UN says return of residents to Syria's Yarmuk unlikely
BEIRUT - The UN on Tuesday said it was almost impossible to imagine people returning to Syria's ruined Yarmuk Palestinian camp, a day after the government recaptured it from jihadists.
Syrian troops seized control of Yarmuk and other neighbourhoods in the south of the capital Damascus on Monday after a month-long assault against the Islamic State group.
Yarmuk has been so heavily battered by fighting that it was hard to picture daily life restarting there, the United Nations' Palestine refugee agency (UNRWA) said on Tuesday.
"Yarmuk was once the thriving home of 160,000 Palestinians. Today it lies in ruins, with hardly a house untouched by the conflict," spokesman Chris Gunness said.
"The public health system, water, electricity, basic services for life are severely damaged. The debris of this pitiless conflict is everywhere," he said.
"In that environment, it is hard to see how people can go back."
Correspondents in Yarmuk on Monday during a government press tour said buildings had been reduced to mound after mound of smashed concrete and rubble.
Any structures left standing appeared gutted or burned, with holes punched through by artillery fire.
Fighting over the years had whittled down Yarmuk's population to just hundreds by the time Syria's army began its assault last month.
Gunness said between 100 to 200 civilians were estimated to still be in Yarmuk, including people too old or sick to flee.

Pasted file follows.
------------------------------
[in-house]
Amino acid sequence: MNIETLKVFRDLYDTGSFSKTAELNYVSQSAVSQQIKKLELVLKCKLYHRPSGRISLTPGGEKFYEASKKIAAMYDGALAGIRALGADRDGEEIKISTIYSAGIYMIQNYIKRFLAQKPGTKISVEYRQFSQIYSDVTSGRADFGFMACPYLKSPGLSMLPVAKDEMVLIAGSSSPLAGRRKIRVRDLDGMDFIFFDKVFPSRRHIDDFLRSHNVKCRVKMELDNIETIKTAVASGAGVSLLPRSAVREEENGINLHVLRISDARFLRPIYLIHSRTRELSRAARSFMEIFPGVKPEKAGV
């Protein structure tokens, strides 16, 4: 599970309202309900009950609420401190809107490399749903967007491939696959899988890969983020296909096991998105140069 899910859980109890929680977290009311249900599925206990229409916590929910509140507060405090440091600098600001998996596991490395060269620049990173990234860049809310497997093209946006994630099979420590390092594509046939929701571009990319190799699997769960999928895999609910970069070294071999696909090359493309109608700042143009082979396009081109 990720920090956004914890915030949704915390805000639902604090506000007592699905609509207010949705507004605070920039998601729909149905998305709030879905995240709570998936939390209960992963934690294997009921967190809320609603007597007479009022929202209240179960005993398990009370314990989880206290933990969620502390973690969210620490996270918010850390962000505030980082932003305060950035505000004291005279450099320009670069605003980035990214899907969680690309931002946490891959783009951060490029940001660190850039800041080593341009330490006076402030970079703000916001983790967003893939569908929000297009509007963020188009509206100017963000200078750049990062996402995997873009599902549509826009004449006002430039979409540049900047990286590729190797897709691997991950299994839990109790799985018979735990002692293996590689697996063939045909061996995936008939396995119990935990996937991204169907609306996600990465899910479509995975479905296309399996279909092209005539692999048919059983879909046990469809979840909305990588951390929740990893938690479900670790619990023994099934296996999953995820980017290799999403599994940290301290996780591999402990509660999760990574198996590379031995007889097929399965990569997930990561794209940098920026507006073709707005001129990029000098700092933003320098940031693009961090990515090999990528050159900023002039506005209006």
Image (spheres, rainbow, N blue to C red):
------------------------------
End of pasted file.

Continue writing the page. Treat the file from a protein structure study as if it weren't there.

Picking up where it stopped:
"The situation they face is inhumane by any standards and we need humanitarian access urgently," he said, adding that UNRWA had not had access to Yarmuk since 2015.
"It is heartbreaking to see these images and hear the human stories that lie behind them."
Yarmuk was, for decades, a bustling district where both Palestinians and Syrians lived. It was placed under crippling siege a year after the uprising began in 2011.
Anwar Abdel Hadi, an official with the Palestinian Liberation Organisation (PLO), said discussions had been initiated with UNRWA to see how Yarmuk could be rebuilt.
"The next step after liberation is combing the area, removing rubble, and assessing the damage to rebuild and bring infrastructure back so civilians can return," Abdel Hadi said.
"If someone tried to come back, wouldn't he need water, electricity, streets, services, and safety to live there?"